ADAPTIVE CRICKET BAT
-------- CUSTOMIZED ADAPTATION --------- PURPOSE: To create a custom adapted cricket bat for motorized wheelchair users to use in to play an adaptive cricket game. This adaptation of the game was developed by the Recreation Service at Northcott in Austrailia. A physiotherapist at Northcott contacted TADNSW to find out if it would be possible to create a cricket bat for individuals who use a wheelchair and have no upper body strength. The bat needed to be adapted and useable to attach to all the various types of motorized wheelchairs available. A traditional clamping or bolt method was impractical. A yoga mat was glued to an MDF board to protect the wheelchairs and then slots were created in the MDF board and double-sided Velcro was used to hang the board off the wheelchair arm rests. For further stability, tie downs were placed through the slots strapping the device to the chair a preferable method to bolting the device onto the chair. The cricket bat was then mounted on a rail and onto a medium-density fiberboard (MDF) board enabling the bat to slide through roughly one meter so it can be used by left- and right-handed batsmen. The bat is able to tilt giving the batsman many more stroke options, and when the bat is fully forward, the batsman is able to see the bat without much head movement or no matter where the head is positioned. The bat was tested with a commercially available bowling machine, and modifications were made to enable a wheelchair user to run their chair up a customized ramp, allowing the force of the wheelchair to tip the trigger switch and launch the ball. Designers continue to fine tune this component, widening and lengthening the ramp to give the wheelchairs better access. The bat itself is twice the width of a regular cricket bat with a similar shape. JOURNAL: TAD Journal. REF: Volume 32, Number 1, April 2012: p. 6-7. PAGES: 3 with cover.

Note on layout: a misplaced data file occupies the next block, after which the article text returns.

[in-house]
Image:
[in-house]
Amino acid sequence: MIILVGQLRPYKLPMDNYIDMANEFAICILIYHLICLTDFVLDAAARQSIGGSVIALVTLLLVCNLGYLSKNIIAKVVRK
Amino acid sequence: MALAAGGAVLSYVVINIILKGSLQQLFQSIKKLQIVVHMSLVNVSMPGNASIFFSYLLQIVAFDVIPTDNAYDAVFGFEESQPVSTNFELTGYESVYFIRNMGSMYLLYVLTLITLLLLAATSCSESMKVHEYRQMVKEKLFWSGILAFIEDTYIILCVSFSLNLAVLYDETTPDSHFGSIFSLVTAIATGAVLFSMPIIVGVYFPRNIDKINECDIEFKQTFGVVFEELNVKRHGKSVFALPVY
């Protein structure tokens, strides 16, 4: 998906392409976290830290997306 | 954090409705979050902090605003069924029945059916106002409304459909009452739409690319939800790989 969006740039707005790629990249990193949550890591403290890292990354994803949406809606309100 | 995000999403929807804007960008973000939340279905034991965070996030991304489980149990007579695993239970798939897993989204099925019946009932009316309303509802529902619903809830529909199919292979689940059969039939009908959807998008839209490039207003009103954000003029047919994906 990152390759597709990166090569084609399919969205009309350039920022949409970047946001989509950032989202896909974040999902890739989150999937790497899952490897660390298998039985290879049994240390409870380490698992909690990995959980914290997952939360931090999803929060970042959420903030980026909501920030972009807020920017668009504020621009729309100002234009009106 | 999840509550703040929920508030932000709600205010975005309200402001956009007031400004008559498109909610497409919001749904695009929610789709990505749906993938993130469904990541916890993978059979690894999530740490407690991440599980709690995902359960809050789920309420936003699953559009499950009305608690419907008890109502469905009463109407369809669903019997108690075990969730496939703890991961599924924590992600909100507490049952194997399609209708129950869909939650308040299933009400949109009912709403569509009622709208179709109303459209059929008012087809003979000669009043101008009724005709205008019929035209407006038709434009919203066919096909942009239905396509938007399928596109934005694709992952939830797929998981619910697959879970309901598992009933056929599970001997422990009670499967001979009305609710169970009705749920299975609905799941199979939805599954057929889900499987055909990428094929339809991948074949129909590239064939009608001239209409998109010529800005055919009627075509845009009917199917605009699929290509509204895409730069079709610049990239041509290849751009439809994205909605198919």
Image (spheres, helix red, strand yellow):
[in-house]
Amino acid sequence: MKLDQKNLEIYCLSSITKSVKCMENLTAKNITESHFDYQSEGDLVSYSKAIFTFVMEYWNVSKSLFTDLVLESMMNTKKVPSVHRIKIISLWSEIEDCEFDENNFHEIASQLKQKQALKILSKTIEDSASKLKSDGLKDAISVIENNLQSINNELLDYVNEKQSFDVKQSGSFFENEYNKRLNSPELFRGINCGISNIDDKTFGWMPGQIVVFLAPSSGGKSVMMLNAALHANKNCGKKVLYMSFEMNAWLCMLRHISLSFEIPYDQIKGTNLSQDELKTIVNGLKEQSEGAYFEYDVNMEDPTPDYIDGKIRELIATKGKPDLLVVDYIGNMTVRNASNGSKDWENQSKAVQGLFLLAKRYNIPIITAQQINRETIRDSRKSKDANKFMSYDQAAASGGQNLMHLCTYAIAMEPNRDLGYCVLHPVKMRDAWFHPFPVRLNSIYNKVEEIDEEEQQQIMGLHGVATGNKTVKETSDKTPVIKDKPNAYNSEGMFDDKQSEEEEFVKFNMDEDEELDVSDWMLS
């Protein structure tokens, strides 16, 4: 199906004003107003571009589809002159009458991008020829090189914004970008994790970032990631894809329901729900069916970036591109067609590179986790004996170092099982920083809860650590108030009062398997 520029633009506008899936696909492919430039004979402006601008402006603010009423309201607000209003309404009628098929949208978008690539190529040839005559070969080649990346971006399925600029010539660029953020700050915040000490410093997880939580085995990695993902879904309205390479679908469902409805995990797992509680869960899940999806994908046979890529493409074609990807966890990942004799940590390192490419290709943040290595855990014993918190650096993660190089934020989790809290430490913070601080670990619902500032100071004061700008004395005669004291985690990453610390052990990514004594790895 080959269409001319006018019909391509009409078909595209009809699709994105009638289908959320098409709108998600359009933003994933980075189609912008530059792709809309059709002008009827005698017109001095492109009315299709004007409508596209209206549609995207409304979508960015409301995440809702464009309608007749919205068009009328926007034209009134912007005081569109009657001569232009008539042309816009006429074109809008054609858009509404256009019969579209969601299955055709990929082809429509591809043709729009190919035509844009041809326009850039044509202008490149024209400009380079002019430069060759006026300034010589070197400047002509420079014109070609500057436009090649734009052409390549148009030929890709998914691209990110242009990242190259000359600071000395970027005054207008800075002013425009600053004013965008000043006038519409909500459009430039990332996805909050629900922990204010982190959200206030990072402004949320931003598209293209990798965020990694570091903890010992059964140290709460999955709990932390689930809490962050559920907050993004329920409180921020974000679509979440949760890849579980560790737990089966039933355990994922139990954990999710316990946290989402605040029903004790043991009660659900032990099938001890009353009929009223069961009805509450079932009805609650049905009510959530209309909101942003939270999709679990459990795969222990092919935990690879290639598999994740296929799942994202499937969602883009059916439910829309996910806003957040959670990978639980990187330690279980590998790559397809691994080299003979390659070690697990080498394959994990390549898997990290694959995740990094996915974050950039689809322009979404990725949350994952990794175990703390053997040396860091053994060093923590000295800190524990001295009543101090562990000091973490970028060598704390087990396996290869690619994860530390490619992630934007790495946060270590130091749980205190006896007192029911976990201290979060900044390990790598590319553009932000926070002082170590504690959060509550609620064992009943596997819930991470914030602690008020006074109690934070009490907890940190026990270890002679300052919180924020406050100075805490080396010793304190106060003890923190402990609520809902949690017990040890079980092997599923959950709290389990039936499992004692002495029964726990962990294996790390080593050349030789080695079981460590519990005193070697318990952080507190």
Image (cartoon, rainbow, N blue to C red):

This product record was updated on September 1, 2012.
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Technical Aid to the Disabled (TAD)TADNSW is a charity organisation that has the authority to fundraise. TAD uses volunteers dedicated to the design, construction and provision of aids for people with disabilities. Members of TAD provide a resource pool comprising a range of design, engineering, rehabilitation, computer, therapy and other professional and technical skills. Aids custom-designed by TAD volunteers are described in the TAD Journal.
Locked Bag 2008
Wentworthville, New South Wales 2145
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